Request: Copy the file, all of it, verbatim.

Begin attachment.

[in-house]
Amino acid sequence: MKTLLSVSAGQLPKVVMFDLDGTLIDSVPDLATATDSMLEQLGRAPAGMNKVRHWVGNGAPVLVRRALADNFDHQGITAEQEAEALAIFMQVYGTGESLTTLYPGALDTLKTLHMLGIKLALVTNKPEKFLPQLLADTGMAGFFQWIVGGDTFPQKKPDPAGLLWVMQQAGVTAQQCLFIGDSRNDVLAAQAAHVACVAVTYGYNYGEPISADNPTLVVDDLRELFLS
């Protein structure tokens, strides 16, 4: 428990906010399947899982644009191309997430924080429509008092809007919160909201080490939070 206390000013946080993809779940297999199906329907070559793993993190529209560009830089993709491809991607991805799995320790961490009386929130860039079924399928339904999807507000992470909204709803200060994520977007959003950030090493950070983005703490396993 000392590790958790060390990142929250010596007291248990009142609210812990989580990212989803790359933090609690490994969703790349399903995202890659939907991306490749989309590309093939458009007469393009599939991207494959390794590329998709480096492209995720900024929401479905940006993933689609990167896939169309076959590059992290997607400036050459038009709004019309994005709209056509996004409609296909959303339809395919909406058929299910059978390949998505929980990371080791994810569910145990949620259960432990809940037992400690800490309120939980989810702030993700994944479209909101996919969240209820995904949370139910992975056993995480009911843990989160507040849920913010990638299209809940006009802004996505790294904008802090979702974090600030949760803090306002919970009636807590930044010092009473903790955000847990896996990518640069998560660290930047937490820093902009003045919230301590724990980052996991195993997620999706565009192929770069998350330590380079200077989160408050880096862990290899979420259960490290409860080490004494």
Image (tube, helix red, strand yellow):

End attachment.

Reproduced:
[in-house]
Amino acid sequence: MKTLLSVSAGQLPKVVMFDLDGTLIDSVPDLATATDSMLEQLGRAPAGMNKVRHWVGNGAPVLVRRALADNFDHQGITAEQEAEALAIFMQVYGTGESLTTLYPGALDTLKTLHMLGIKLALVTNKPEKFLPQLLADTGMAGFFQWIVGGDTFPQKKPDPAGLLWVMQQAGVTAQQCLFIGDSRNDVLAAQAAHVACVAVTYGYNYGEPISADNPTLVVDDLRELFLS
């Protein structure tokens, strides 16, 4: 428990906010399947899982644009191309997430924080429509008092809007919160909201080490939070 206390000013946080993809779940297999199906329907070559793993993190529209560009830089993709491809991607991805799995320790961490009386929130860039079924399928339904999807507000992470909204709803200060994520977007959003950030090493950070983005703490396993 000392590790958790060390990142929250010596007291248990009142609210812990989580990212989803790359933090609690490994969703790349399903995202890659939907991306490749989309590309093939458009007469393009599939991207494959390794590329998709480096492209995720900024929401479905940006993933689609990167896939169309076959590059992290997607400036050459038009709004019309994005709209056509996004409609296909959303339809395919909406058929299910059978390949998505929980990371080791994810569910145990949620259960432990809940037992400690800490309120939980989810702030993700994944479209909101996919969240209820995904949370139910992975056993995480009911843990989160507040849920913010990638299209809940006009802004996505790294904008802090979702974090600030949760803090306002919970009636807590930044010092009473903790955000847990896996990518640069998560660290930047937490820093902009003045919230301590724990980052996991195993997620999706565009192929770069998350330590380079200077989160408050880096862990290899979420259960490290409860080490004494």
Image (tube, helix red, strand yellow):